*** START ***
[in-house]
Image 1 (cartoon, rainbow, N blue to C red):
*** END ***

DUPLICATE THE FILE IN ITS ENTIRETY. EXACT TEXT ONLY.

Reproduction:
[in-house]
Image 1 (cartoon, rainbow, N blue to C red):